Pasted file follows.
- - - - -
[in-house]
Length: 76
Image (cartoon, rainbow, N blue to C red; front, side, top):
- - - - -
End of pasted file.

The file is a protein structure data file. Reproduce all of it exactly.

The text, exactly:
[in-house]
Length: 76
Image (cartoon, rainbow, N blue to C red; front, side, top):